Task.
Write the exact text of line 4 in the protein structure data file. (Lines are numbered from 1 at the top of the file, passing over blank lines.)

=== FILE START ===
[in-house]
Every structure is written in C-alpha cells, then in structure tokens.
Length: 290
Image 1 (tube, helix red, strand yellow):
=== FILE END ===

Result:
Image 1 (tube, helix red, strand yellow):